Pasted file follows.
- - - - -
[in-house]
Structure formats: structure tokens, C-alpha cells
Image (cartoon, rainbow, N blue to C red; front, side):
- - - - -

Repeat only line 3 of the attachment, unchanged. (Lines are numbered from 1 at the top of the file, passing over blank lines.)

Image (cartoon, rainbow, N blue to C red; front, side):